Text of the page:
Tackling climate change requires a solution that simultaneously tackles global inequality, whether this be financial, medical, educational or environmental. The principle of fairness does not crumble in the face of John Gray's dismissal of human progress. On this view, the human race could start dying out in its millions tomorrow, but so long as this extinction was random, and unsystematic, then the principle of fairness would be preserved (of course, in reality, even 'random' events like natural disasters claim over 90% of their victims in poor countries). Whether humans 'survive' or not is irrelevant - so long as they stand and fall together.
So what's so great about saving the planet? Nothing, really. But so long as the world is carved up as it is - with the richest 2% owning 50% of the wealth - preserving it in the best possible state is simply an intervention for addressing (current) poverty and inequality. And that's something that John Gray's (straw) attack dogs cant devour.
Tuesday, 11 November 2008
Amidst the financial crisis that has enveloped the media, if not yet the average British citizen, Energy & Climate Change Minister Ed Miliband quietly conceded that the target for reducing greenhouse gas emissions by 2050 would be increased from 60 to 80%. Two weeks later, Barack Obama swept to victory in the
High profile supporters (including Radiohead frontman Thom Yorke) and a substantial amount of postcard-pressure from the electorate clearly had an impact on Government thinking. So, has the political mainstream finally woken up to the scientific reality of climate change? Well, maybe. But the relative ease with which both British and American politicians were persuaded that 80% reduction targets were necessary raises the possibility that perhaps the Big Ask wasn’t such a Big Deal after all.
While there is much to celebrate about the adoption of a stronger climate law (the Climate Change Bill will now also include shipping and aviation in emissions targets), there are some voices who can’t quite find the enthusiasm to join the party. The Big Question on their minds is whether an 80% reduction in greenhouse gas by 2050 in two of the richest and most industrialised countries is really enough.
Strangely enough, Friends of the Earth Australia provide an answer in a report published earlier this year, ominously entitled Code Red. In the document, climate science since the Intergovernmental Panel on Climate Change (IPCC, 2007) report is reviewed, with a particular focus on the work of James Hansen, Chief Climate Scientist at NASA. Hansen made the news earlier in the year for testifying in the case of the ‘Kingsnorth Six’, where a group of Greenpeace protestors used climate change as a defence to beat charges of criminal damage for spraying the word ‘Gordon’ in rather large letters on the side of a certain coal-fired power station’s chimney stack. Hansen has also, however, spent a great many number of years studying the effects of climatic change on Arctic ice, and has repeatedly reported that the melting of the Arctic ice is about 100 years ahead of schedule – that is, about 100 years ahead of the IPCC predictions.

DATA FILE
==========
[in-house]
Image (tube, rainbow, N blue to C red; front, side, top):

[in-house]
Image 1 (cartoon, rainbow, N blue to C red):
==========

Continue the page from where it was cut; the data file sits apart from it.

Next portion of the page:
Code Red reviews an enormous amount of post-IPCC peer reviewed climate science, and reaches a staggering conclusion: We do not need to reduce our emissions, we need to stop, then reverse them. If we do not, then avoiding the infamous tipping points and positive feedback mechanisms (typically the central goal of climate change legislation) will simply not be possible. All the horrific consequences of runaway climate change will become distinct possibilities, rather than vague future scenarios. Avoiding the tipping points means developing methods of sequestering carbon that is already in the atmosphere, at the same time as completely overhauling the global energy economy. Now that’s a Big Ask.
Unsurprisingly, analyses like these are nowhere to be seen in the political mainstream. This could be, of course, because Code Red is a puritanical manifesto for destroying civilisation and all the values it holds dear. Or, it could be that the scientific reality of climate change – as distinct from the politically feasible and ‘reasonable’ options that now define the boundaries of acceptable political debate on climate change – are just too much to bear.
What if preventing the deaths of hundreds of thousands of people in developing countries meant sacrificing our standards of living? Would we do it? What if preserving ecosystems and biodiversity meant giving up fossil fuels altogether? Could we manage? An 80% reduction in the greenhouse gas emissions of two highly developed and polluting countries is genuine progress. But lurking in the background, some even Bigger Questions remain…